Wednesday, April 11, 2007

Tove's Background Information on Kristianstad (Sweden)

The municipality of Kristianstad is the largest municipality (land and water) of Skåne (Sweden’s southernmost province). Kristianstad has about 74,000 inhabitants living in 1346.2 km2 (approximately 55 ppl per km2), and about 37% of these live in the central town of Kristianstad, a lively trading town with many shops in a beautiful and well-kept town center with wide pedestrian streets.

During th
e Middle Ages, Skåne was a part of Denmark and the cities of Vä (= sacred place) and Åhus were both important centers for trade, religion, and royal power. However Denmark and Sweden were constantly involved in bitter battles. In February 1612, the infantry of the Swedish king Gustaf II Adolf razed Vä to the ground. The Danish King Christian IV (nicknamed “Christian the Great” in Denmark and “Christian the Tyrant” in Sweden) decided to build a new and more easily defended fortified city on the island of Allön, in the heart of the wetlands near the river Helgeå, instead of rebuilding Vä.

The town was founded on May 22, in 1614 and was named Christianstad (Christian's town) after the king, but today the towns name is spelled
Kristianstad. The king revoked the city charters of Vä and Åhus and made the bourgeois move to the new city. The bourgeois disliked the position of the new city, because of the disease-causing marsh climate and the bad ground for building. Draining of the surrounding wetlands in the 1860s later solved the disease problems, but bad building ground is a big problem even in modern Kristianstad.

Kristianstad was for its time a very modern fortress, and it was the first important fortified town in Scandinavia that made full use of the Renaissance system of bastions. It is also one of few towns in the Nordic countries that are built on the basis of a decree on a place with no earlier settlements. These conditions gave Kristianstad its straight streets and right-angled city plan. The ramparts were leveled in 1847 to make way for Parisian-style boulevards and give the town room to expand. These streets are also
named boulevards, just like in Paris, and have given Kristianstad the nickname "Lilla Paris"(= Little Paris). Today only portions of the northern moat are left. Kristianstad and Skåne became Swedish in 1658 at the Treaty of Roskilde, but this didn't create peace for Kristianstad. Snappharana, the feuding guerilla soldiers of the time, were fighting what they saw as the Swedish invaders for about 50 more years and during that time Danish troops captured the town twice.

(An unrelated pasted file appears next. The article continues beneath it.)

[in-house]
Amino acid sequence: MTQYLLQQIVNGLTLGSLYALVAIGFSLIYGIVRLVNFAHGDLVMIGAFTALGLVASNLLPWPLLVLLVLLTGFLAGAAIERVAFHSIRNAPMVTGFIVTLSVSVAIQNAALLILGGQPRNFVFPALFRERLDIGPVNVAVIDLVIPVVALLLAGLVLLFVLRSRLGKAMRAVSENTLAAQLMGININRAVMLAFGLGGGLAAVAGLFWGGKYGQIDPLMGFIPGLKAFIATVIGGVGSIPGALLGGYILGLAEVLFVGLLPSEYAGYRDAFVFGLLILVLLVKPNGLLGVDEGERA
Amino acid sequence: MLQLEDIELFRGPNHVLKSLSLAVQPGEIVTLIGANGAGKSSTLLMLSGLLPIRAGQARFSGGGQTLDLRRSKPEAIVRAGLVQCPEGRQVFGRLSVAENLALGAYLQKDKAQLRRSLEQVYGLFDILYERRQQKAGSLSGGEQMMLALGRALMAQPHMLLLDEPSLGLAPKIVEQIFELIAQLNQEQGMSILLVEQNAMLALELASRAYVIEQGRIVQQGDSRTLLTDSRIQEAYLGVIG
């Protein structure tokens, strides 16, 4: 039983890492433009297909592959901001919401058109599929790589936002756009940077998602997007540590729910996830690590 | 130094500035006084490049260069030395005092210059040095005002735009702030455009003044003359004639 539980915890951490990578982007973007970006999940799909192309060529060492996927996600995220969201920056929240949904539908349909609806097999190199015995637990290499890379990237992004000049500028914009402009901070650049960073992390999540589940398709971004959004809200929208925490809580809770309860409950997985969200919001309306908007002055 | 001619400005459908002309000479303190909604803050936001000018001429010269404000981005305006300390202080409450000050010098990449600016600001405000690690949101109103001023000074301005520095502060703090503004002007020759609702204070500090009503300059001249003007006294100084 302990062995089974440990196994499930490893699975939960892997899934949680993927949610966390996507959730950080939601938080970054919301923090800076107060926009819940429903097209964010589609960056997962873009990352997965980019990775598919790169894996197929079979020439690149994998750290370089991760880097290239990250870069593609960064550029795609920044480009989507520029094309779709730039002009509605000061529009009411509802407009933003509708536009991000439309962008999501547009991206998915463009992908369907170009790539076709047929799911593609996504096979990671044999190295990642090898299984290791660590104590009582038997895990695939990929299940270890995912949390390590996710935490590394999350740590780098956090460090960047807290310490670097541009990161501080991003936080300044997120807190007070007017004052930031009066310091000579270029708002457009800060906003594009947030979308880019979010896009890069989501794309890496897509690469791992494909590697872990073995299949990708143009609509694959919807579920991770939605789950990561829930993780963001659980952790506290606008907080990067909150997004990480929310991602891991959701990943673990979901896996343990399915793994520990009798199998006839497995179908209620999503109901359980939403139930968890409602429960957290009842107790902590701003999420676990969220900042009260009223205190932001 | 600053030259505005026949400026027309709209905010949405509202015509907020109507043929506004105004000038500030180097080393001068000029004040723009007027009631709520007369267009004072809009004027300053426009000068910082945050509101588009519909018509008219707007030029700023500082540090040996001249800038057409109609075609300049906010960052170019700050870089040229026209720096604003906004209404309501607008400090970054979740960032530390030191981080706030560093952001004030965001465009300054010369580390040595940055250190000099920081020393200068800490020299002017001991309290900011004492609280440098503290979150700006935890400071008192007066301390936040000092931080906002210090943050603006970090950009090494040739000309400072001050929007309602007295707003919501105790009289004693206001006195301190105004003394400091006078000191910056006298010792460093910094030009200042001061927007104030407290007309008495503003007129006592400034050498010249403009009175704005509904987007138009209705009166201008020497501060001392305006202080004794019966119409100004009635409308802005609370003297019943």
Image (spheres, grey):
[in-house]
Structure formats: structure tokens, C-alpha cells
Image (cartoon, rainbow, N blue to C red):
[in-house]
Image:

“The most Danish town in Sweden”

Even though Kristianstad was only Danish for 44 years (1614-1658), its “Danishness” is still
apparent and Christian IV makes his presence felt in many ways. For instance, the municipal coat of arms contains his name cipher "C4" and before 1898, when private banks had the right to issue banknotes, paper money from "Christianstads Enskilda Bank" bore the portrait and coat of arms of Christain IV - a Danish monarch on a Swedish banknote!


Krisitianstad was a trading town, and barges used to sail through dredged channels from the port in Åhus, up until the water level fell after the Helgeå river created a new channel to the
sea in 1775. In 1865 the first railway line was opened, and when the railways were at their peak, seven different lines radiated from Kritianstad. Although many of those railway lines have closed, Kristianstad still has a good connection to Lund, Malmö, and Copenhagen. A small airport is situated in Everöd, just outside Kristiantad. "Food Capital of Sweden” The land around Kristianstad is good for farming, which combined with a clean environment, specialist skills, and top food manufacturers make Kristianstad the food capital of Sweden. Each week every Swede probably consumes at least one product from Kristianstad.

Kristianstad’s Coat of Arm

King Christians IV of Denmark, the founder of Kristiastad, gave Kristianstad its coat of arms in 1622. The coat of arms consists of two golden lions holding the crowned monogram of Christian IV between each other on a blue background. The town kept the coat of arms when Kristianstad became Swedish at the peace of Roskilde in 1658 and is supposedly today the only city/town in the world that has the monogram of a foreign monarch in its coat of arms.

Maps of Krisitanstad
The left map shows the fortress Christainstad in the 1670s, the middle map is from 1807, when the fortress was at its largest, and the right map is over central Kristianstad today. North is to the right on all three maps.

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